Slay the Evil Thing at the End of the Map – ‘Castle Morihisa’ Review

Developer: Smokingbear Studio / Publisher: Thermite Games

Reviewed on the Nintendo Switch. Also available for Steam.

I can’t say no when it comes to reviewing roguelikes. The genre’s foundational aspirations of a variant loop, where the framework of different challenges stays fixed while the tools you are given and by derivation, your approach, change each and every time speaks to me. It’s a genre that is supposed to reward your ability to be flexible, that places more emphasis on understanding systems rather than memorizing specific interactions. And sure, those interactions are potent, but you’re not going to be able to rely on them constantly.

Enter Castle Morihisa, the latest of deckbuilding roguelikes. Set in a fantastical feudal Japan-inspired world, you play as one of four heroes charged with traversing the perilous lands in order to stop whatever evil lies at the heart of the titular castle. Along the way, you’ll fight giant spiders, birds, a variety of Onis, and other mythological monsters as you hone your deck and abilities in preparation to fight the final boss.

Castle Morihisa

If you have played any deckbuilding roguelikes, everything I’m about to say is going to sound very familiar. You start off with a pitifully weak deck full of basic attack and block cards and one slightly better than card that serves as the foundation of your deck. After each battle, you’ll get gold and the ability to draft more potent cards to your deck. Chests contain powerful relics that offer a variety of effects. Elite fights prove to be deadly encounters but provide greater rewards if you succeed. Campfires offer a chance to rest or upgrade cards. It’s a pretty familiar framework at this point.

Castle Morihisa does have plenty of distinguishing factors though. The most prominent additional system is the “Talent grid.” Each hero comes with a circular grid of upgrades that you can spec into. The grid is randomized each and every time, although each node in the corresponding tiers is approximately equal in the advantage that it gives you, with the truly game altering ones requiring two prerequisites to even think about unlocking. Talent points are obtained naturally while progressing through the map, with events and Elite fights offering more Talents and quests that have potent effects for completing their objectives. Furthermore, at the start of each Act, you get access to a very potent hero ability that you can use once per turn in order to achieve effects ranging from massive damage, massive block, or even just execute enemies below a certain threshold. And finally, the shop is accessible at any point and retains the same stock until you refresh the shop during your run as opposed to being a potential node.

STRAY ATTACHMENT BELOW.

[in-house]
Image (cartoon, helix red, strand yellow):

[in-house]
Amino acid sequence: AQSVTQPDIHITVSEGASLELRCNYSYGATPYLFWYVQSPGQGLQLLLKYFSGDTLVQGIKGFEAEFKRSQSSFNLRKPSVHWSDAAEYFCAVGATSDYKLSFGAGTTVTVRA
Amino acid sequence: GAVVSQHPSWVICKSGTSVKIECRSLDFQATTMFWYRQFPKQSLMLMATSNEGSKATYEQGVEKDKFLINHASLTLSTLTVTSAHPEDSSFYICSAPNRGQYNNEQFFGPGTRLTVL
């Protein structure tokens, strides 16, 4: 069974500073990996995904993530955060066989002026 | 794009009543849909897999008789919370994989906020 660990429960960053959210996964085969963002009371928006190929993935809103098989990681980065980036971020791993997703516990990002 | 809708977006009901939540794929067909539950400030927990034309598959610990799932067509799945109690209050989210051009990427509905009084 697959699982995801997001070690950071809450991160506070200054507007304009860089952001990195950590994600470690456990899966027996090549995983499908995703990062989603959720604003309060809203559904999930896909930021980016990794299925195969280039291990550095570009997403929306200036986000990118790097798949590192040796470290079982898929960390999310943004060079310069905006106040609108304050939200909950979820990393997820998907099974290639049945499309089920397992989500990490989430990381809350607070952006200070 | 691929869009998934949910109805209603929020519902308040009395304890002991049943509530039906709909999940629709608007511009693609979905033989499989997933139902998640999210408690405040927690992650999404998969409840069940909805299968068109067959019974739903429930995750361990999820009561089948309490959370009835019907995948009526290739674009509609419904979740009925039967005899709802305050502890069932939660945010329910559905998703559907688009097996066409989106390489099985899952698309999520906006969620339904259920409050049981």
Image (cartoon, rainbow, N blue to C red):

Castle Morihisa

All of these elements result give Castle Morihisa a highly variable experience. Some runs, you’ll get critical relics, fights that your deck can easily handle, and the 5-cost talents you picked just happen to align with the best 7-cost talent on the grid. And then some runs, your talents will have no correlation with the cards being offered in the draft, the enemies hard counter your deck, and even with the use of hero skills, you find yourself at 1 hp and all four nodes are hallway fights that you can’t opt out of. The sheer variance of each run makes for a very uneven experience and forces you to commit a lot of your brain to a staggering number of considerations. And this isn’t helped by the enemy’s abilities being somewhat obtuse in their wording, certain abilities having weird phrasing, a cluttered UI, and controls that at times were unresponsive and unintuitive.

Mechanically, the game has several interlocking systems you have to navigate like a clockmaker. Aesthetically though, the game is very much wonderful. The art direction is fantastic, which each of the heroes having a recognizable silhouettes and the card art is expressive and makes it easy to distinguish between cards. The monster design is fantastic, and the game leverages Japanese myths to great effect with the different encounters and sprites. The soundtrack and sound design are great, and the background of each act make for a beautiful set pieces.

Castle Morihisa

So now that I’ve written 600 plus words about Castle Morihisa, it is time that I bring up the fact that at the end of the day, it is a deckbuilding roguelike that currently has to coexist with the pinnacle of the genre: Slay the Spire. Castle Morihisa goes to great lengths to distinguish itself from its predecessor with the additional system and granular parsing of cards, but the end result is that the game will inevitably draw comparisons and will not quite live up to it. It is a fun game in its own right. I enjoyed the time I spent with it, can see myself returning to it, but I’m not sure it has quite captured my imagination. If you like roguelikes, you’re going to find a lot to like with Smokingbear Studio’s take on the genre. You’re going to have fun learning the different ancillary systems, and maybe the additional variances will appeal to you, but for me, the added complexity and RNG stymied it just a bit.

8.2 “Mantras” out of 10

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  • Mikkel Snyder is a technical writer by day and pop culture curator and critic all other times.

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